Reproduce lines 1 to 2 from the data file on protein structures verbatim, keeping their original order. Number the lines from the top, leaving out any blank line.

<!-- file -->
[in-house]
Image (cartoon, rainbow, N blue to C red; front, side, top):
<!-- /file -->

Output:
[in-house]
Image (cartoon, rainbow, N blue to C red; front, side, top):